Pomona officer charged with civil rights violations, 2 others charged in cover-up for 2015 beating of minor

LOS ANGELES (KABC) -- Three Pomona police officers surrendered Thursday morning to face federal charges on suspicion of one officer violating a minor's civil rights during a beating at the Los Angeles County Fair in 2015 as well as accusations of a cover up.

Pomona police Cpl. Chad Kenneth Jensen, 50, is charged with deprivation of rights under color of law on suspicion of beating the minor, identified as 16-year-old Christian Aguilar, on Sept. 16, 2015.

According to the indictment against Jensen and the other two officers, he is suspected of violating the victim's constitutional rights, including the right to be free from the use of unreasonable and unnecessary force and that the suspected assault resulted in bodily injury.

"I think it justifies everything we've put forward. I think that anytime that you can have the FBI be involved and then the federal government, I think that it adds credibility to what we believed and what we were saying all along," family attorney David Gammill said.

Gammill represented the family in a civil suit against the Pomona Police Department.

The 2015 encounter began when Aguilar's cousin had words with one of the officers and ended when Jensen punched the teen.

Jensen and his partner, Officer Prince Taylor Hutchinson, 31, are also charged with preparing false reports that tried to justify the use of force.

The indictment alleges that Jensen falsely wrote in the report that the minor tried to punch him in the face and that the young kid came within arm's reach of another officer, who was escorting a person who had been arrested.

Hutchinson is also accused of writing a report that falsely stated the victim came within two-to-three feet of the officer who was moving the arrestee and that the victim tried to incite unrest in a crowd at the fair as the minor was being moved to a holding facility at the location.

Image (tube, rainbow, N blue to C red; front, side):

Gammill said the video captured at the scene is the key to the case and that officers modified it to support their story.

"You watch the two videos and you think, 'My god. They altered the video.' It's the stuff of movies," he said. "The full video shows that Christian is face forward against the fence and that he's spun around by Officer Jensen and that he never swings and then Jensen starts unloading forearms."

The partners are also charged with obstruction of justice for giving false testimony during court proceedings about criminal charges against the young victim. During those proceedings, Jensen and Hutchinson are suspect of providing false testimony similar to what was given in their reports.

According to a news release from the central district of California, the two officers' testimony created the impression that the minor posed a physical threat to other officers before Jensen assaulted him.

The third person involved in the case, Sgt. Michael Timothy Neaderbaomer, 49, was assigned to the Pomona Police Department's internal affairs unit. He is charged with obstruction of justice for making false statements to the victim's family in order to dissuade them from reporting the incident to other law enforcement.

According to the indictment, Neaderbaomer "attempted to intimidate and corruptly persuade" the victim and his family by claiming the department had video showing the victim punching Jensen.

Neaderbaomer also told the victim's mother that the child's parents would not be allowed to attend the victim's interview in retaliation to a citizen's complaint, which is a violating of the department's policy, according to the district release.

The sergeant is also charged with making false statements to FBI agents, who were investigating the suspected civil rights violating by Jensen.

The Pomona Police Department released a statement after the indictments.

"The Pomona Police Department will continue to fully cooperate with the U.S. DOJ, as it had since the beginning of their investigation," the statement said.

Gammill said the teen and his family finally feel vindicated.

"Their hope is that one, they're finally held responsible for what they did. I think two is that those officers get what they tried to deprive the Aguilar family of and that's just justice and fairness," he said.

The department said all three officers are now on paid administrative leave.

All three officers were arraigned in the afternoon in U.S. District Court. They entered not guilty pleas and were ordered released on $50,000 bail. A trial is scheduled for Dec. 19.

If convicted as charged, Jensen would face a maximum of 50 years in prison, Hutchinson would face up to 40 years and Neaderbaomer up to 30 years.
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